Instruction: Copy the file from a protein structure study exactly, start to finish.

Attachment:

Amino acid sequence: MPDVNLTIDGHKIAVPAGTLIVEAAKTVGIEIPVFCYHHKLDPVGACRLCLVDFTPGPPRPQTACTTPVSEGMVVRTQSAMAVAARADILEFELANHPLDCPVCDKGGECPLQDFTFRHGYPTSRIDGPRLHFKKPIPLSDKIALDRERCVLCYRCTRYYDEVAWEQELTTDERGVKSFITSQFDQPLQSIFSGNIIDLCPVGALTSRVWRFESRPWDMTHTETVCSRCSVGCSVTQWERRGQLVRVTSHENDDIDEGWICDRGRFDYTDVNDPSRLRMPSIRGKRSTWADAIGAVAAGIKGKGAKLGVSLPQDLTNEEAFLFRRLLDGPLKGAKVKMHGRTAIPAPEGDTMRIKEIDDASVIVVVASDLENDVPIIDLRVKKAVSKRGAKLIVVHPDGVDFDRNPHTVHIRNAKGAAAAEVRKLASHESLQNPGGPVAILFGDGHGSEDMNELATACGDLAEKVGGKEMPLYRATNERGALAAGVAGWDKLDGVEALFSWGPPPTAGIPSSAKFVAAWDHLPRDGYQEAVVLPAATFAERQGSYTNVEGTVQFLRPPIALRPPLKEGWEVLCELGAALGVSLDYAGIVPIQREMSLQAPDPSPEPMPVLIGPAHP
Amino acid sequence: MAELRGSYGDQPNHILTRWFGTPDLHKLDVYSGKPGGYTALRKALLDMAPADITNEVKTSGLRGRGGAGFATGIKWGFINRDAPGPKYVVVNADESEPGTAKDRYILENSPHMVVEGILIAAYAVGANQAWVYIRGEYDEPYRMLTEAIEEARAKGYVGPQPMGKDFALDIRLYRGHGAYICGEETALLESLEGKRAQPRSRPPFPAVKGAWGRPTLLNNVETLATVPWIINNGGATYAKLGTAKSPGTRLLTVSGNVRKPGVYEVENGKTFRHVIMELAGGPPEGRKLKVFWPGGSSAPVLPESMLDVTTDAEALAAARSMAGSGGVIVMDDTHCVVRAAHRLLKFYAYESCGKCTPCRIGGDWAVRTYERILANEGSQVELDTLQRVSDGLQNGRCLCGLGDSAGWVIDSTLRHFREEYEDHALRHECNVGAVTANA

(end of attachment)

Amino acid sequence: MPDVNLTIDGHKIAVPAGTLIVEAAKTVGIEIPVFCYHHKLDPVGACRLCLVDFTPGPPRPQTACTTPVSEGMVVRTQSAMAVAARADILEFELANHPLDCPVCDKGGECPLQDFTFRHGYPTSRIDGPRLHFKKPIPLSDKIALDRERCVLCYRCTRYYDEVAWEQELTTDERGVKSFITSQFDQPLQSIFSGNIIDLCPVGALTSRVWRFESRPWDMTHTETVCSRCSVGCSVTQWERRGQLVRVTSHENDDIDEGWICDRGRFDYTDVNDPSRLRMPSIRGKRSTWADAIGAVAAGIKGKGAKLGVSLPQDLTNEEAFLFRRLLDGPLKGAKVKMHGRTAIPAPEGDTMRIKEIDDASVIVVVASDLENDVPIIDLRVKKAVSKRGAKLIVVHPDGVDFDRNPHTVHIRNAKGAAAAEVRKLASHESLQNPGGPVAILFGDGHGSEDMNELATACGDLAEKVGGKEMPLYRATNERGALAAGVAGWDKLDGVEALFSWGPPPTAGIPSSAKFVAAWDHLPRDGYQEAVVLPAATFAERQGSYTNVEGTVQFLRPPIALRPPLKEGWEVLCELGAALGVSLDYAGIVPIQREMSLQAPDPSPEPMPVLIGPAHP
Amino acid sequence: MAELRGSYGDQPNHILTRWFGTPDLHKLDVYSGKPGGYTALRKALLDMAPADITNEVKTSGLRGRGGAGFATGIKWGFINRDAPGPKYVVVNADESEPGTAKDRYILENSPHMVVEGILIAAYAVGANQAWVYIRGEYDEPYRMLTEAIEEARAKGYVGPQPMGKDFALDIRLYRGHGAYICGEETALLESLEGKRAQPRSRPPFPAVKGAWGRPTLLNNVETLATVPWIINNGGATYAKLGTAKSPGTRLLTVSGNVRKPGVYEVENGKTFRHVIMELAGGPPEGRKLKVFWPGGSSAPVLPESMLDVTTDAEALAAARSMAGSGGVIVMDDTHCVVRAAHRLLKFYAYESCGKCTPCRIGGDWAVRTYERILANEGSQVELDTLQRVSDGLQNGRCLCGLGDSAGWVIDSTLRHFREEYEDHALRHECNVGAVTANA